What are the recommended treatments for OCD?

There are a few different Evidence Based Treatments (EBT) that are used for someone who has been diagnosed with OCD. These EBT’s are Cognitive Behavioral Therapy (CBT), Exposure and Response Prevention (ERP), and support groups that are for people with OCD.

Cognitive Behavioral Therapy focuses on changing thoughts and therefore changing emotions and behaviors. This is effective for OCD because it targets the irrational obsessions. It allows for a changing in thoughts to create healthy and helpful thoughts that are based in reality. In doing this, the person will have the ability to change their emotions as well as their behaiors and compulsions.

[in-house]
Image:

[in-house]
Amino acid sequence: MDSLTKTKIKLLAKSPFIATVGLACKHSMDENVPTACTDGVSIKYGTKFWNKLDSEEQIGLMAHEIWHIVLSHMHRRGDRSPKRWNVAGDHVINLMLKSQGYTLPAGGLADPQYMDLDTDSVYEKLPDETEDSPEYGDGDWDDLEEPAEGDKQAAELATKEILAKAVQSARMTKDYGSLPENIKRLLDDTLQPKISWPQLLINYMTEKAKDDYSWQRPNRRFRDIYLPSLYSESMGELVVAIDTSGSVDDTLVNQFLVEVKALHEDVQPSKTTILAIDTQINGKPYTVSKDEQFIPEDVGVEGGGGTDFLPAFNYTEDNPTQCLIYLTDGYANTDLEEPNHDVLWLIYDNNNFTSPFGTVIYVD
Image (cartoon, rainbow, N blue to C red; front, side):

Exposure and Response Prevention therapy (ERP) is exactly what is sounds like. The therapist trained in ERP will expose the person to a stimulous that is anxiety prevoking and have them respond in a healthy and productive manner rather than with their compulsions. This process happens a little at a time after the person has learned skills to help calm their anxiety in the moment.

For example, if a person has the belief that whenever they park a car they need to back in and out of the spot three times before turning the car off or they will kill someone the next time they drive.

ERP would teach something like coping skills first, and then starting off small such as turning the car on and then back off without moving it. The therapist will then assess for the person’s anxiety level and prompt them to use their coping skills until their anxiety is at a manageable level. The final step in this will be to drive into a parking spot and turning off the car right away.